My vision is quite different from what @desrever has outlined. We can provide the best liquidity for every coin on every exchange. We can aggregate all the liquidity for any particular coin and offer it on multiple exchanges. In order to tap into this liquidity, people will need to buy NuBits. Providing liquidity has worked for us so far, but we can take it much further. The fact that our liquidity has not been accurately priced is not a reason to stop offering liquidity. It is an invitation fix our pricing in the way I described in the OP.
Take Dogecoin for example, whose liquidity is fragmented between BTC38, Bter and Cryptsy among others. With the system I have outlined, a custodian with accounts at BTC38, Bter and Cryptsy can offer as much liquidity as all three exchanges combined, on any and every exchange they operate. This liquidity will be irresistable to traders. All they have to do to access it is buy NuBits. So they will.
The implementation is not simple, but I am certain it can be done iteratively. It is not nearly as difficult as the implementation of Nu. I’m sure that with additional discussions we can clarify the details of the software development that needs to be done.
Talk of phasing this out in favor of our non-existent USD market is presumptive at best. Where is the demand for USD/NBT going to come from? No one is saying because no one knows. What we do know is the market has rewarded us for liquidity provision. Therefore, I argue for doing more of what has made us successful, not less.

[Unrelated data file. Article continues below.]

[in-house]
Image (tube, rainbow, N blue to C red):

I’m going edit the OP to make it finalized motion. I’m confident offering cheap liquidity is the key to NuBits adoption at this stage and that my proposal will dramatically reduce the presently high cost of providing liquidity.
There is still an unmet and growing need for this. You can accomplish by holding only NuBits (except for short periods of time), so there is little exchange rate risk.
Here is an example of a use case: The Bter BTC/NBT trading pair has no buy side liquidity but the CCEDK BTC/NBT has plenty. This is not an overall liquidity problem, so it can’t be effectively addressed by raising interest rates. Rather, what is needed is for someone to take their NuBits and buy BTC at CCEDK. Then this BTC should be transferred to Bter where it is used to buy NuBits. Now, buy side support is balanced between Bter and CCEDK. The person doing the balancing has NuBits just like when they started, minus transaction fees. Shareholders should compensate them for their payment of transaction fees, their time and the use of their capital.
What do you think of my suggestion re payment processors:
These processors/gateways price their commission rates just a tad less than Western Union. It costs from 0.5% to 3% and/or a minimum fee. Sometimes you have to use multiple gateways to get your fiat from your account to the destination. Having used some of these I would be very glad to have my fiat “crypto’ized”, becoming instantly transferable at 0.01 NBT / transaction forever, at the first gateway…
I just changed the hash defining the motion to 65CB60D096508A7FA9ECC2017B38BC3AFEB5663D. I calculated the original hash using the final contents of the text box used to edit the post. I changed it to the hash produced when you copy the content displayed on the webpage, because that is all people will be able to verify.
@JordanLee I would like to use my NuBits to contribute to that balancing. Would you be providing NSR compensations for smaller quantities than 20,000 NBTs such as 5,000 or 10,000 NBTs. ?
I would not be able to provide more than 10,000 NBT.
Your interest in helping is very much appreciated, but to lighten my own workload and decentralize Nu’s functioning I prefer you go directly to shareholders and receive NuBits as compensation via custodial grant.